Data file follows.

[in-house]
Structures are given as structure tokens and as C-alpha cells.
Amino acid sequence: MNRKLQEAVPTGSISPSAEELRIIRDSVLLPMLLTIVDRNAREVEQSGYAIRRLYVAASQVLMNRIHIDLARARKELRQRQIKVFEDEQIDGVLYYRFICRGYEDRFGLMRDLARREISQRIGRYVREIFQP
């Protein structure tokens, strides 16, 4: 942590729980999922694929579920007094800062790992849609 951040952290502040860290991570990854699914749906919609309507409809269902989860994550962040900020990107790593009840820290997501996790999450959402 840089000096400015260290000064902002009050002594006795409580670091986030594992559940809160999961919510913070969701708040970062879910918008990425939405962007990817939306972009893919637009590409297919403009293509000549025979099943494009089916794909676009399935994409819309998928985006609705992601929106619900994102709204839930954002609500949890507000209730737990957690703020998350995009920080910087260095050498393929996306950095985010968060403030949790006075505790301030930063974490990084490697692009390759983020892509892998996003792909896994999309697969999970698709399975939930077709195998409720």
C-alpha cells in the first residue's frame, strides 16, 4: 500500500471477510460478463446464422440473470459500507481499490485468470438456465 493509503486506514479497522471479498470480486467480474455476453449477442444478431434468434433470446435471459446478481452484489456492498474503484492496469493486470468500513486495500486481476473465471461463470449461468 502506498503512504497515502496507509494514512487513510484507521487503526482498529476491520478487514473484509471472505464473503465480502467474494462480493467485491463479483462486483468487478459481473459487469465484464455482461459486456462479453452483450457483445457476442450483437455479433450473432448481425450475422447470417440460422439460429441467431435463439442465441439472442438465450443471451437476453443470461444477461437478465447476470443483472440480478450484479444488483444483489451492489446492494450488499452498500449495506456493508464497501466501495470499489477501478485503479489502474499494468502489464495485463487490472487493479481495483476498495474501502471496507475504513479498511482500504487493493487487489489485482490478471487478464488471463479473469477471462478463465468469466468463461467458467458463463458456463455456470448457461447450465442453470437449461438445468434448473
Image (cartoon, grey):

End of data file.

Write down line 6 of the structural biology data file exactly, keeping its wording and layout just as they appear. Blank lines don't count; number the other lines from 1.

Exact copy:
Image (cartoon, grey):